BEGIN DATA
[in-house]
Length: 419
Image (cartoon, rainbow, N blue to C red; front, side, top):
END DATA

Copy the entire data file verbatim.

[in-house]
Length: 419
Image (cartoon, rainbow, N blue to C red; front, side, top):